Mega Dams and Other Infrastructure

Industrial operations require a vast network of infrastructure: roads, ports, waterways, railways, etc. They cut through forests and communities’ territories in order to transport commodities and minerals to industrial centres. Mega dams, although said to provide “clean energy,” flood forests and generate energy primarily for polluting industries and large urban centres.

It is impossible to think about extraction without thinking about a vast network of accompanying infrastructure, and thus even greater deforestation and destruction.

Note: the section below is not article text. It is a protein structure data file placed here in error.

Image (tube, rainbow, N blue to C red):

The mega-infrastructure corridors prioritized in ambitious investment programmes spanning the african continent are squarely focused on facilitating the export of minerals and agricultural commodity crops and the import of processed foods and manufactured goods.

The Programme of Infrastructure Development for Africa (PIDA) was adopted in 2012 with the aim of connecting the continent’s energy, transport, water and communication infrastructure. But what kind of infrastructure does “Africa” really need and who is getting more access with such initiative? This article looks into the hydropower dams proposed for PIDA

In order to better understand peoples' struggles across the southern and eastern regions of Africa, reflecting on its history is crucial. This editorial highlights some parts of this history. And this, of course, is just the tip of the iceberg.